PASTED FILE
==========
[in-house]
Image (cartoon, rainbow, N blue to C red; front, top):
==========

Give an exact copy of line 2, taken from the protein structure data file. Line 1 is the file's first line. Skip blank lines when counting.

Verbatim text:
Image (cartoon, rainbow, N blue to C red; front, top):